Usually, a headline like that warns you about possible dangers from your own carelessness.
It’s much worse than that here, unfortunately.
This article contains a warning about how you – and especially your pets – might be at risk from lack of care on the part of your own local authority.
The practices of Moray’s local authority in relation to weed killing mean pet owners must be extra vigilant.
Rinaldo Coluccia’s 8-year-old German Shepherd dog, Honey, died as a result of ingesting Glyphosate (a herbicide) beside “The Walkies” path (by the A96) in Forres.
The Council had treated the area in order to destroy Giant Hogweed plants.
The Council’s risk assessment provided that warnings should be given to the public where areas had recently been sprayed. “Control measures” within the risk assessment included: “Keep pets on lead when passing area (sic) which have had herbicide application recently.“, and “Prevent pets from eating/chewing vegetation applied with herbicide.“
Unfortunately, it appears that these control measures were not applied by the Council in practice.
On 12 May 2022, Mr Coluccia was walking his dog at The Walkies path possibly within 15 minutes -and probably within 30 minutes – of the completion of weedkilling treatment by the Council.
But there were no signs or notices to warn him of the dangers there from “recent application of herbicide”.
Honey had a habit of eating grass and it seems that contaminated grass or plants caused the illness from which she subsequently died.
Due to deterioration in kidney function and continuing weight loss, she had to be put to sleep on 19 June 2022.
Mr Coluccia complained to the Council.
He also obtained supportive evidence from a local vet as to the cause of Honey’s illness and death.
Claims arising from the death of animals tend to be modest in value.
This is because there is no claim for “loss of society” in respect of a family pet in the way that there is for the death of a close relative.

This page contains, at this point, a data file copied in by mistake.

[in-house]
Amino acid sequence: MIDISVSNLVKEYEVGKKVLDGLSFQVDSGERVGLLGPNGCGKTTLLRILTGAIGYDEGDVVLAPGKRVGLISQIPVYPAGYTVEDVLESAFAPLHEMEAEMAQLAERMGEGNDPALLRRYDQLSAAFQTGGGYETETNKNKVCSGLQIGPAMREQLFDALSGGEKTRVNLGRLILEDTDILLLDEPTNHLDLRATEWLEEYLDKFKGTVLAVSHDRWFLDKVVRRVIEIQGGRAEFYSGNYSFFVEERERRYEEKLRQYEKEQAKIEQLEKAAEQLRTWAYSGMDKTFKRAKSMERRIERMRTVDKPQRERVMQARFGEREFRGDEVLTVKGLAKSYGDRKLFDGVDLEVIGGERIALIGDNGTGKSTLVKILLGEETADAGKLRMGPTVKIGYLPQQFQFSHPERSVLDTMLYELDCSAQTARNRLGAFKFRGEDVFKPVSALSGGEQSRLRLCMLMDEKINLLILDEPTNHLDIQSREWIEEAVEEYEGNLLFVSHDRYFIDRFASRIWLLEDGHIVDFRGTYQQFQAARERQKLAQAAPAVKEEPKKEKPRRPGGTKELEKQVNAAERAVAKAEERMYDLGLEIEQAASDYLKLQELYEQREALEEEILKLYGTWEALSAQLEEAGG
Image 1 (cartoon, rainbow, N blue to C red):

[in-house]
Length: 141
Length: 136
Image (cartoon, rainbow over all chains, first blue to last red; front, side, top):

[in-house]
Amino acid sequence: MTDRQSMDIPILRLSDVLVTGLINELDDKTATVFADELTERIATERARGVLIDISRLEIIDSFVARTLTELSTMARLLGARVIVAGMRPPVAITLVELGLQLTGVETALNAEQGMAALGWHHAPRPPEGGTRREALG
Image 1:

Mr Coluccia’s claim was limited to the veterinary bills and cremation costs – about £900.
As a non-personal injury claim, legal costs recovery options are limited.
It would not normally be economic to instruct a solicitor to take a claim like this to the Sheriff Court.
Despite this, given the clear public safety implications, Grigor & Young agreed to help Mr Coluccia with his claim.
First of all we intimated a formal claim to the Council for compensation.
Then, when liability was denied, we raised a Simple Procedure action against the Council at Elgin Sheriff Court.
As it turned out, the Council did not defend the court action and so must be taken to have admitted the grounds of claim.
The Sheriff at Elgin granted decree against the Council on 09 June 2023 in respect of the full sum claimed, interest and court expenses/costs.
Mr Coluccia has received payment in full.
What does this mean for public health and safety in Moray?
The Council have devised a system, based on risk assessment, designed to protect the public and animals from possible harm from weed killing treatment carried out by the Council.
The council‘s system sets out clear control measures in the form of, presumably, warning notices, which are meant to be put out during spraying of herbicide and left in place for a period of time afterwards until the contamination risk is sufficiently low.
If, as seems to be the case, the Council do not have signs in place, other than during the time when spraying is taking place, this is not adequate or safe.
Because the Council don’t follow the recommendations their own risk assessment, people and their pets are exposed to danger of contamination which, in the case of Honey Coluccia, resulted in her death.
Unfortunately, there is no evidence to suggest that the Council have tightened up their practices in any way, as a result of the outcome of Mr Coluccia’s claim.
In the present circumstances, in Moray, you would be well-advised to keep pets and other animals (and humans!) away from obvious weedkilling targets such as Giant Hogweed. You cannot be sure that there has not been recent weedkiller spraying in the vicinity by the Council.
Mr Coluccia is very keen to ensure that no one else has to go through what he has suffered in losing such a faithful and loving friend as Honey.
He said: “I was very close to my dog, Honey. She had a lovely personality and, being calm but assertive, made an excellent guard dog. Her death was so unexpected and so unnecessary. It has left a deep hole in my life and it is still something I am coming to terms with emotionally and psychologically. I hope my successful claim through Elgin court will result in the local authority getting a grip on things at last and actually following their own procedures properly – so that no animal has to go through what Honey suffered and no pet owner has to endure the pain of losing a dear family member so needlessly.”